Howard Lake-Waverly Herald, April 10, 2000
HL to pay $1.272 million for Highway 12 improvements
By Andrea Vargo
The Highway 12 improvement project moved ahead when a cooperative agreement with the Minnesota Department of Transportation (Mn/DOT) was approved by the Howard Lake City Council Tuesday.
During a workshop meeting just before the regular meeting, City Engineer Brad DeWolf presented the cooperative agreement between the city and Mn/DOT that outlined the costs for each item.
"I thought it was fair . . . very fair," DeWolf told the council.
The total cost to Howard Lake will be $1,272,000.
Sewer and water is paid for by the city and will run about $1.2 million.
On other items, federal dollars pay 80 percent and the rest is split between the state and city.
The city pays as low as 2 percent or as high as 11 percent of the total cost of those items.
Decorative lighting will cost the city $78,078, and the decorative sidewalk pavers will cost $45,203.22.
The $1,272,000 is slightly less than what was anticipated by DeWolf, when he made his projection several years ago.
In other notes on the project, stop signs will be removed on Seventh Street to provide better traffic flow on the detour route, DeWolf said.
Also, a preconstruction meeting will take place once the contractor has been selected, and details will be ironed out, he said.
Then, the intention is to schedule a public input meeting following the contractor's meeting each week after construction starts, DeWolf noted.
Industrial park site
A hearing date of Tuesday, May 2 (regular meeting night) was set for public comment on the proposed city investment in the industrial park.
Between now and then, representatives from the council intend to meet with the Howard Lake Industries group to discuss how the project could be phased.
DeWolf will bring those suggestions for project phases and their costs to the hearing, Smith said.
The development agreement would assess 100 percent of the costs back to the property.
But, DeWolf cautioned, that in the event the park sits idle for a few years, the city would be responsible to make the bond payment. That would be spread through the tax base for the city, and residents would have to pay for it, he said.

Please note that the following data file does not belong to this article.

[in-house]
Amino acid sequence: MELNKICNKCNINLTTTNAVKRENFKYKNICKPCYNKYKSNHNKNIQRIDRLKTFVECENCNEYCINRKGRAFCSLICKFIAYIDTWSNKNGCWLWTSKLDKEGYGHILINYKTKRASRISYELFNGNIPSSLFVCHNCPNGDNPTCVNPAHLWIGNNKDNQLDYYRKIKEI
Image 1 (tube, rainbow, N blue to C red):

"How are the prospects for three or four businesses to be in there by next year?" asked Pat Van Oss.
Borglund told him there is no guarantee. There is interest, but the Highway 12 project will put some off, he said.
Heidi Pepper, Wright County Economic Development Partnership, said the the Highway 12 improvements will position Howard Lake better as far as development is concerned.
Pepper said that although there are 43,000 workers in Wright County, 44 percent of them commute to better wages or high tech types of jobs.
If the industrial park is developed, it must be done in accordance with the Greenacres law that requires manufacturers to pay 160 percent of the county median income.
This should be an attraction to the workforce in and around Howard Lake, she said.
At this point, inquiries are still coming from manufacturing businesses, Pepper said.
Borglund said the key to success is the kind of business the city can attract. Target businesses are those where skills are more marketable because of the wages offered.
The metro area is running out of land, and it is too expensive for businesses to pay for it. Growth is moving toward Wright County, Borglund said.
"We plan to take an aggressive attitude. We want to get our money back (quickly). We don't want it (the park) to sit empty," Smith stated.
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